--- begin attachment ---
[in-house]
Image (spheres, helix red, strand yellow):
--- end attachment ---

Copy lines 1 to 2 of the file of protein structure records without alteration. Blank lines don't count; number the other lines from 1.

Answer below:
[in-house]
Image (spheres, helix red, strand yellow):